Herb Profile: Parsley
INTRODUCTION: Parsley, the most commonly consumed fresh herb in the United States, is an herb that is familiar to all. For many decades it has been the primary herb used as a garnish in restaurants. In America, the curly leaf varieties are grown almost exclusively. However, the plain leaf variety is known to have a more pleasing flavor and is the primary herb grown in most other countries. Often it is the only thing left on the plate at the end of the meal, when it may actually have been the most nutritious item.
HISTORICAL FACTS: This herb has been cultivated for many centuries and is naturalized throughout much of Europe. Parsley is believed to have originated from Southeastern Europe, the Mediterranean region or western Asia. Parsley’s name comes from two Greek words Petrose meaning rock; from its propensity to rocky cliffs and old stonewalls; and selenium an ancient name for celery-so one can think of it as “rock celery”. The use of this herb as a garnish arises from the centuries old belief that at the end of the meal, chewing a few of the fresh leaves freshens the breath. It was even believe that chewing the leaves would make the odor of garlic disappear. The ancient Greeks and Romans used parsley for ceremonial purposes, more so than for culinary efforts. The Romans introduced the herb to England during their colonial rule. Early immigrants to the Americas introduced it as a culinary herb. There are several folk legends about Parsley. One says that it is unlucky to transplant the herb from an old garden into a new one. Some gardeners believe that someone in a house that Parsley was planted near would die shortly afterwards. It was used quite frequently by the ancient Greeks. An old English superstition suggests that bad luck will prevail if one transplants the herb, so be sure to planet in its final place in the garden. In ancient Greece, it was once planted on graves, and the phrase “to be in need of parsley” meant death was imminent.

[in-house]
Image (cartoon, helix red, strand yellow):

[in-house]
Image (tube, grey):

HORTICULTURAL FACTS: A biennial growing up to 2 feet in height producing flowers in the second year; it can reach about 1 foot in the first year before flowering. Parsley prefers partial shade. Keep moderately rich soil fairly moist. The herb will stand all winter but it is best to protect it under mulch in severe weather. This is a common herb because it has proved so adaptable to all climates. The ultimate taste of parsley is quite dependent on the soil and climate conditions. The herb is generally treated as an annual providing tasty fresh leaves only in the first year. There are two basic types: curly parsley has creased or wrinkled leaves, and is the most familiar parsley of commerce; Italian parsley is flat and its leaves are not creased. It is a member of the celery family. The Flat leaf variety is hardy in dry conditions as well as colder wet climates that have cold rain and snow. Curly leaf parsley is much more delicate and will die in colder conditions. The herb is usually planted annually, even though it is a biennial. The herb seeds get off to a slow start and sometimes it’s very hard to germinate. Even though it propagates from seeds it is best to buy nursery plants in the spring.